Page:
"I don't think he ever wanted to go by the military route," Sir David said. "He accepted it might come to this, but he always wanted to do it in a different way. I've always believed he would much rather it hadn't taken place."

His comments follow claims in Washington that President Bush was taken aback by some of the decisions in running postwar Iraq, such as dismantling the Iraqi army.

Paul Bremer, who headed the coalition provisional authority which ran Iraq after the invasion, produced documents that appeared to show that he told Mr Bush that he planned to dissolve Saddam's military and intelligence structures, and was informed he had the President's full support.

Saturday, September 08, 2007

Bush briefed - no WMD

Bush knew Saddam had no weapons of mass destruction
Salon exclusive: Two former CIA officers say the president squelched top-secret intelligence, and a briefing by George Tenet, months before invading Iraq.
By Sidney Blumenthal

Sep. 06, 2007 On Sept. 18, 2002, CIA director George Tenet briefed President Bush in the Oval Office on top-secret intelligence that Saddam Hussein did not have weapons of mass destruction, according to two former senior CIA officers. Bush dismissed as worthless this information from the Iraqi foreign minister, a member of Saddam's inner circle, although it turned out to be accurate in every detail. Tenet never brought it up again.

Nor was the intelligence included in the National Intelligence Estimate of October 2002, which stated categorically that Iraq possessed WMD. No one in Congress was aware of the secret intelligence that Saddam had no WMD as the House of Representatives and the Senate voted, a week after the submission of the NIE, on the Authorization for Use of Military Force in Iraq. The information, moreover, was not circulated within the CIA among those agents involved in operations to prove whether Saddam had WMD.

On April 23, 2006, CBS's "60 Minutes" interviewed Tyler Drumheller, the former CIA chief of clandestine operations for Europe, who disclosed that the agency had received documentary intelligence from Naji Sabri, Saddam's foreign minister, that Saddam did not have WMD. "We continued to validate him the whole way through," said Drumheller. "The policy was set. The war in Iraq was coming, and they were looking for intelligence to fit into the policy, to justify the policy."

Now two former senior CIA officers have confirmed Drumheller's account to me and provided the background to the story of how the information that might have stopped the invasion of Iraq was twisted in order to justify it. They described what Tenet said to Bush about the lack of WMD, and how Bush responded, and noted that Tenet never shared Sabri's intelligence with then Secretary of State Colin Powell. According to the former officers, the intelligence was also never shared with the senior military planning the invasion, which required U.S. soldiers to receive medical shots against the ill effects of WMD and to wear protective uniforms in the desert.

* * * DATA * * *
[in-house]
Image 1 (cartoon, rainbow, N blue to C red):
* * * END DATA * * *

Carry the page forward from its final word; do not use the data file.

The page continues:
Instead, said the former officials, the information was distorted in a report written to fit the preconception that Saddam did have WMD programs. That false and restructured report was passed to Richard Dearlove, chief of the British Secret Intelligence Service (MI6), who briefed Prime Minister Tony Blair on it as validation of the cause for war...


-- By Sidney Blumenthal

Friday, September 07, 2007

The Basra Debacle

Why the British Deployment was Doomed from the Start


September 5, 2007

The British campaign in Basra was undermined from the beginning to the end by lack of Iraqi support. The supposed aim of the occupation of Basra and southern Iraq was to allow time for a stable and democratically elected Iraqi government authority to be established with its own police and army forces on whom it could rely.

This was never likely to happen. The British occupation began with the killing of six British military policemen at Majar al-Kabir, south of Amara, in June 2003 after an ill-conducted search for arms.

Local people said they had never bowed their heads to Saddam Hussein and asked why they should now accept a foreign occupying power.

Tony Blair was endlessly claiming that the British forces were usefully engaged in training Iraqi security forces in the face of dogged resistance from "rogue" policemen.

But it was clear from early on that the rogues were, in effect, in charge.

British forces had to storm a police station to rescue their own soldiers who had been detained while spying in Arab clothing on the same station.

"As early as 2004, British influence was in steep decline," says Reidar Visser, a leading academic specialist on Basra and southern Iraq.

"In other words, the recent pull-out itself was a largely symbolic affair: the British ceased exercising effective control of Basra a long time ago."

Could the British have done any better?

The problem was the belief that because in 2003 the Iraqis were glad to be rid of Saddam Hussein, they would welcome a foreign occupation force.

The Sunni in central Iraq rose in rebellion in 2003 but the Shia, though willing to use the occupation, never accepted it as legitimate.